South Korea, China and Japan have agreed to step up efforts to reduce ultrafine pollutants as part of their cooperation on environmental issues.
The announcement came after a two-day meeting of the three countries’ environment ministers in Daegu, Korea, where they discussed a range of environmental threats.
It was the first ministerial meeting held by the three countries to come up with solutions to protect public health.
“The ministers shared the concerns of the risks posed by air pollution on human health and the environment, and underscored the compelling need to tackle air pollution,” South Korean Environment Minister Yoon Seong-kyu said in a briefing on the meeting.
They also selected nine imminent environmental issues to tackle together from 2015 to 2019, including air quality improvement, biodiversity, climate change, water control and marine environment.
To pledge further cooperation, China’s Environmental Protection Vice Minister Li Ganjie, Japan’s Environment Minister Ishihara Nobuteru and the South Korean minister also signed a joint communique.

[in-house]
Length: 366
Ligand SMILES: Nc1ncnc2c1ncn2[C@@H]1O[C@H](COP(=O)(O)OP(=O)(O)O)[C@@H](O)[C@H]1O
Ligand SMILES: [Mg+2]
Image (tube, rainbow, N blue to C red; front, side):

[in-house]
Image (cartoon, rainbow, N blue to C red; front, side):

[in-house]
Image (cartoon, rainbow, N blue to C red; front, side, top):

The three countries agreed to hold regular dialogues to share information and foster partnership on tackling air pollution in the region, with the results to be reported at working-level conferences for the Tripartite Environment Ministers Meeting.
The concentration rate of airborne dust particulates ― particularly those smaller than 10 micrograms or 2.5 micrograms per cubic meter ― has recently reached dangerous levels in the region.
High levels of the particles can cause respiratory and other health problems. In January, Beijing’s concentrations of PM2.5 hit 993 micrograms per cubic meter, almost 40 times higher than the daily safe level of 25 micrograms recommended by the World Health Organization.
Amid mounting criticism from the international community over the acrid smog, the three countries agreed in November 2013 to start joint research on ultrafine pollutants, including lead, cadmium and arsenic.
South Korea has also launched a fine dust alert system to inform citizens about health risks caused by air pollution.
The next TEMM meeting will be held in China. The meeting organizers said the meeting’s exact date and location will be announced later.
By Suk Gee-hyun (firstname.lastname@example.org)